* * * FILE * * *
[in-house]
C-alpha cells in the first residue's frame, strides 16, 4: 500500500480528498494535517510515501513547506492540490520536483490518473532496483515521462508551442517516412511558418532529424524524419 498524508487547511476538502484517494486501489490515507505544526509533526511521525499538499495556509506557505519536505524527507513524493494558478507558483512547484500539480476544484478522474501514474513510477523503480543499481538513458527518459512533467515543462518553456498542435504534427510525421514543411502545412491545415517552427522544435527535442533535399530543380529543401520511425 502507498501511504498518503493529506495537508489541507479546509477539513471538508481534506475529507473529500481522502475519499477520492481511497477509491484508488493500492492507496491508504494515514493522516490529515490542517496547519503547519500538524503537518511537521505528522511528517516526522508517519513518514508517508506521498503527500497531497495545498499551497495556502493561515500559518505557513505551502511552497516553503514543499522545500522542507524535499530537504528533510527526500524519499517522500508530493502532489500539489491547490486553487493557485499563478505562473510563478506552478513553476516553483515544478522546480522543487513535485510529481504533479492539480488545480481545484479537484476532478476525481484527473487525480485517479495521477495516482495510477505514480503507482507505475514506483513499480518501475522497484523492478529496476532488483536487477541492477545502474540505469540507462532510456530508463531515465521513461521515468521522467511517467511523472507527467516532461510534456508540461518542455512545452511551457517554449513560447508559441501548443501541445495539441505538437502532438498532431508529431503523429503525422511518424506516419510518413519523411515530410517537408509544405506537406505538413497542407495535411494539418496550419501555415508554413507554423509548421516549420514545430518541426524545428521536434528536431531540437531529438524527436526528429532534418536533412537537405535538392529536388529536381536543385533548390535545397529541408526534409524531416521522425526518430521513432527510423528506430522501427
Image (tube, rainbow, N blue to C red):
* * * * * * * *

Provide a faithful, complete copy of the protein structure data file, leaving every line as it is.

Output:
[in-house]
C-alpha cells in the first residue's frame, strides 16, 4: 500500500480528498494535517510515501513547506492540490520536483490518473532496483515521462508551442517516412511558418532529424524524419 498524508487547511476538502484517494486501489490515507505544526509533526511521525499538499495556509506557505519536505524527507513524493494558478507558483512547484500539480476544484478522474501514474513510477523503480543499481538513458527518459512533467515543462518553456498542435504534427510525421514543411502545412491545415517552427522544435527535442533535399530543380529543401520511425 502507498501511504498518503493529506495537508489541507479546509477539513471538508481534506475529507473529500481522502475519499477520492481511497477509491484508488493500492492507496491508504494515514493522516490529515490542517496547519503547519500538524503537518511537521505528522511528517516526522508517519513518514508517508506521498503527500497531497495545498499551497495556502493561515500559518505557513505551502511552497516553503514543499522545500522542507524535499530537504528533510527526500524519499517522500508530493502532489500539489491547490486553487493557485499563478505562473510563478506552478513553476516553483515544478522546480522543487513535485510529481504533479492539480488545480481545484479537484476532478476525481484527473487525480485517479495521477495516482495510477505514480503507482507505475514506483513499480518501475522497484523492478529496476532488483536487477541492477545502474540505469540507462532510456530508463531515465521513461521515468521522467511517467511523472507527467516532461510534456508540461518542455512545452511551457517554449513560447508559441501548443501541445495539441505538437502532438498532431508529431503523429503525422511518424506516419510518413519523411515530410517537408509544405506537406505538413497542407495535411494539418496550419501555415508554413507554423509548421516549420514545430518541426524545428521536434528536431531540437531529438524527436526528429532534418536533412537537405535538392529536388529536381536543385533548390535545397529541408526534409524531416521522425526518430521513432527510423528506430522501427
Image (tube, rainbow, N blue to C red):